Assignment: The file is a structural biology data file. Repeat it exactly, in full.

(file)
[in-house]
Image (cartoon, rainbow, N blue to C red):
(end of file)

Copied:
[in-house]
Image (cartoon, rainbow, N blue to C red):